Line Quality Question

1:30 PM, Monday December 12th 2022

Please, does anyone have experience inking drawings or tracing your own drawings to transfer them, where you need both smooth lines as well as accuracy? I know Uncomfortable says to work on the former and the latter will come, but for me it still hasn't really. When inking my drawings I can only stick to the lines by drawing from the wrist more slowly and doing the course correcting thing where the lines come out wobbly and look like crap, but if I try drawing from the shoulder and making the lines smooth they go off course and ruin the drawing too. I've completed Lesson 1, the 250 Boxes, almost all of Lessons 2, stuck by the 50% rule (and done tons of other warmups, exercises, and have been drawing and painting for years) but I haven't really noticed any improvement in my line quality and precision. Any advice would be greatly appreciated. Thank you.

1 users agree
11:35 PM, Monday December 12th 2022

When it comes to going back over drawings (in the sense of starting with pencil and inking them, or taking a rough sketch and cleaning it up), this is something I struggled with a great deal when I was younger, and I ended up shying away from lineart as a whole as a result, gravitating more towards painting instead. As I've been teaching Drawabox however, the reasoning for why it didn't feel right became fairly clear.

It comes down tracing as a process. Tracing requires us to focus entirely on the lines we're trying to recreate, which in turn makes us pay attention to them only as lines on a flat page. Two dimensional things, without flow or fluidity - just stiff, lifeless things. And so, we may be working off a lively, energetic sketch, but the end result lacks those positive qualities.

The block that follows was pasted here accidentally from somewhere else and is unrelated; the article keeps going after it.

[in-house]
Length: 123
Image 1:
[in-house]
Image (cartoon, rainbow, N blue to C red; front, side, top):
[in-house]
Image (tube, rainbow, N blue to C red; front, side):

The solution is not to shift back to drawing from your wrist because that is the only way to maintain accuracy, and that is for the exact same reason that we stress the confidence of our strokes as our main priority in this course as well. Sacrificing confidence for accuracy simply won't give you the results you want.

Prioritizing a confident execution helps a great deal in pushing us to think about each stroke as the edge it is meant to represent in 3D space, and to think about how it actually moves through that space instead of focusing on them as static, stiff marks on a flat page.

Now of course, continuing to draw with confidence and accepting that your accuracy is going to suffer won't result in pretty drawings, and will likely result in plenty of smaller mistakes - but that's what practice is for. Continue investing your time in the planning and preparation phases of the ghosting method, so that you can reinforce your eventual confident execution with everything you can to increase your chances of executing the stroke you want, and as your experience and mileage increases, you'll find those chances naturally increasing as well - but only as long as you apply that process.

That said, I should reiterate that what we do here in Drawabox is intended to provide you with plenty of mileage and experience to have those principles sink in deeply, to the point that you end up employing them in your own work whether you mean to or not (assuming you are at least being mindful of their use as you work through the course material) - but of course, you mentioned that you're almost finished with Lesson 2. That's good progress, but you're still closer to the beginning of the course than the end, and will have plenty of additional such mileage of using the ghosting method for each and every one of your freehanded marks ahead of you.

10:49 AM, Wednesday December 14th 2022

Wow Uncomfortable, thanks so much for sharing your experience with this and recommitting me to the proper path! I think I was stuck because I kept vacillating. Now it's clear continuing to do the turtle with tremors thing isn't going to get better.

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